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A lot of manufacturers like to add their own skin on top of Android. For the purists out there, it can be a major annoyance, and in quite a few cases, actually slows the phone down. In the case of the Idol 3, Alcatel kept it simple.
The phone is running virtually stock Android Lollipop, and comes pre-loaded with a long list of third party apps, including Facebook, Twitter, WhatsApp, Flipboard, Evernote, Adobe Reader, AVG Anti-Virus and WPS Office.
You can completely uninstall third-party apps like Facebook and AVG, but can't do so with the generic system apps. Of course, Google's usual suite of Play-branded apps are installed, along with Gmail, Chrome, Hangouts, Calendar, Email and more.
From a visual standpoint, most of what's been changed are the app icons themselves. The notifications drawer and quick settings menu has kept its Android 5.0 Lollipop roots. You can easily access quick settings by swiping down from the top with two fingers, and a gear icon takes you directly to Settings. And, because Lollipop allows multiple user accounts, you can tap the avatar to switch to another account.
On paper, the Idol 3 should scream through whatever you throw at it. After all, it has an octa-core processor and 2GB RAM. However, it's yet another reminder that optimized software is just as, if not more important, than great hardware. The "buttery smooth" first introduced in Android 4.1 Jelly Bean just isn't here. Scrolling can be a bit janky, and there's sometimes as much as a two second delay when opening or transitioning to other apps.
Navigating around the home screen and app drawer seems to be okay, though. To try and fix the lag, I enabled Developer Options, and turned off all animations. This definitely helped to speed things up, but is far from ideal.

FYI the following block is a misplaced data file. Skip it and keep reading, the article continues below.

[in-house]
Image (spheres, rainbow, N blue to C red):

In Geekbench, the Idol 3's multi-core score was 2066. This puts it just behind the Exynos octa-core version of the Samsung Galaxy S4, and nearly 800 points behind the Asus Zenfone 2.
The phone I tested was running Android 5.0.2, which is known to have performance issues. We reached out to Alcatel to find out if an update to Android 5.1 is planned, and will update this review once we hear back.
On the plus side, if you're one of the few who still use a phone to make phone calls, the Idol 3 offers no complaints. In fact, when talking with my dad, he said it "sounds like you're sitting right next to me."
When the OneTouch Idol 3 was announced back at MWC 2015, it was touted as the world's first "reversible" smartphone. Basically, even if the phone is upside down, you can use it as you normally would.
The display automatically adjusts as long as you have the "Reversible" icon selected under quick settings. It's a great idea. After all, how many times have you pulled your phone out of your pocket, and had to flip it right side up? I found myself taking advantage of it on a few occasions, but muscle memory usually kicked in.
Dual stereo speakers
When HTC launched the One, front-facing speakers were one of those incredibly simple, yet brilliant ideas. Alcatel apparently agreed, and teamed up with JBL to offer a similar experience.
The audio is crisp, and as someone who enjoys listening to podcasts in the morning while getting my day going, it's fantastic. Music doesn't sound 100%, and is missing some detail, but I don't expect perfection from such tiny speakers.
However, don't let the word "tiny" fool you. These speakers pack some serious punch. I quickly learned you'll want to keep the volume for notifications around ⅓ of the way, otherwise you may jump when you're "in the zone" working. And if you're going to talk to someone on speakerphone, you best not do it in a crowded public place. While the speakers do add a bit more to the bezel, it's a welcome trade-off.
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